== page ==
The next day I head back to the medieval city as there’s so much more stuff to discover. A traffic officer in a bright orange and blue outfit keeps the light traffic orderly.

The Palazzo Pubblico, seat of the national Government is located in the Piazza della Liberta which is almost empty this early in the morning. The national colors of white and light blue complement well the Palazzo and the stone buildings. I wait for the change of guards, who look cool in their spiffy red and green outfits.

I stop by the cool Basilica di San Marino, check out some shops and enjoy the narrow stone streets, but can’t wait to get to the towers I saw from the bus. I reach the first one, Guaita, actually a small castle built in the XIth century. It is fabulous. You know the picture-perfect medieval castle located on a cliff and surrounded by forests? Guaita is just like that, only prettier.

I explore the tower and take a ton of pictures. Cesta (XIIIth century) can be seen into the distance and looks even cooler, if that’s even possible. I take a break from castles and towers to visit the Curiosity Museum. It’s odd with exhibits ranging from preposterous French wigs to wooden bicycles and mean looking chastity belts.

I finally reach the Cesta Tower which is gorgeous as well (it turns out to be a small castle just like Guaita). There’s a nice little weapons museum inside and more stunning views of the surrounding areas . I know I’m repeating myself with the views and everything but check out the pictures and you’ll see what I mean.

I next follow a stone trail in the forest to reach the Montale tower, the smallest of the three built in the XIVth century. This is actually just a tower and not a castle, and cannot be toured inside. It’s still cool though. A big yellow butterfly circles around begging for some pictures. People usually turn around at this point and head back to the city, but I decide to follow the trail for a change of scenery.

Back to the city, a rusty bomb serves as a reminder of the British bombing in WWII after they mistakenly believe the Germans had taken San Marino and use it to store ammunition. There’s an event of the Automobile Club San Marino with nice little vintage cars on display. I look for more forest trails and locate the more famous Costa dell’Arnella, a trail that leads down cliff to the city of Borgo Maggiore after a 10-minute walk.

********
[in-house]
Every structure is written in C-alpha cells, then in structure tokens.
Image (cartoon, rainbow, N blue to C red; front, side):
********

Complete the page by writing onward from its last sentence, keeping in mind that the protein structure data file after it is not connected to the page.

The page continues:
Borgo Maggiore, one of San Marino’s eight minor municipalities, has a different vibe and is closer to a typical Italian town. There’s not much to do here as everything is closed for a local holiday, so I get back to San Marino City by cool-looking cable car.

More walks around town later and I find myself exploring even after nightfall.

There’s more magic when some sort of a religious procession quietly passes through the old town. Nicely lit, the Costa dell’Arnella deserves exploration during night time as well. Afterwards, the cable car dutifully takes me back up on Mount Titano.

San Marino is really delightful to walk around in the mornings and evenings, when there are no crowds. Not that the number of tourists is overwhelming or anything in the afternoons, but peace and quiet are always welcome if you ask me.

I leave the following morning. San Marino City looks even cooler today with clouds covering the valleys below. The Most Serene Republic was a great find with breathtaking views, a beautiful capital and a very distinct personality. Highly recommended!

See more pictures in my San Marino photo album:

More information available in the San Marino country profiles on Wikipedia and Wikivoyage.

Keep reading: Monaco | San Marino | Vatican City  | Malta | Luxembourg | Liechtenstein | Andorra | Gibraltar | SMOM